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Daily alternative news articles at the News Desk for GrahamHancock.com. Featuring alternative history, science, archaeology, ancient egypt, paranormal & supernatural, environment, and much more. Check in daily for updates!

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October 10 2014

Endangered Orangutans Gain From Eco-Friendly Shifts in Palm Oil Market


Orangutans are endangered. Now, they're also at the epicenter of a quiet revolution, a transformation taking place on our grocery store shelves, as one company after another promises to switch to palm oil from "deforestation-free" sources.

During the past 11 months, more than a dozen major producers, traders, and consumers of palm oil have pledged to produce, buy, or sell only deforestation-free palm oil.

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October 10 2014

New York State Court Hears Landmark Chimp Personhood Case


ALBANY, New York—Can an animal who possesses the essential qualities of personhood ever be considered, in the eyes of the law, a person?

As of now, the answer is no. But a panel of New York state judges yesterday considered that question, which was posed by a group called the Nonhuman Rights Project on behalf of a 26-year-old chimpanzee named Tommy.

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October 10 2014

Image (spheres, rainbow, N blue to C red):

Turning to Darwin to Solve the Mystery of Invasive Species


“If natives are adapted to their environment and exotics are from somewhere else, why are they able to invade?” asked Dov F. Sax, an ecologist at Brown University.

A big part of the answer may be found in the habitats in which invasive species evolve.

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October 10 2014

Ancient rhino-relatives were water-loving


The discovery of new bones from a large land mammal that lived about 48 million years ago has led scientists to identify a new branch of mammals closely related to modern horses, rhinos, and tapirs, according to a study published October 8, 2014 in the open-access journal PLOS ONE by Lisa Noelle Cooper from Northeast Ohio Medical University and colleagues.

This family of large mammals, Anthracobunidae, is only known from India and Pakistan and was commonly considered to be ancestors of modern elephants and sea cows. Geographically, this was a puzzling idea, because elephants and their relatives were groups that were known from Africa, not Asia.

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October 10 2014

Buried Treasures Pulled from 'Titanic of Ancient World'


Ancient tableware, lead anchors and a giant bronze spear have been recovered during an expedition to the 2,000-year-old Antikythera shipwreck in Greece.

The treasure-filled sunken ship was first discovered more than a century ago. Now, undersea excavators who are revisiting the wreck say it actually covers a much bigger area than expected.

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October 10 2014

Greek Bronze Age ended 100 years earlier than thought, new evidence suggests


Conventional estimates for the collapse of the Aegean civilization may be incorrect by up to a century, according to new radiocarbon analyses.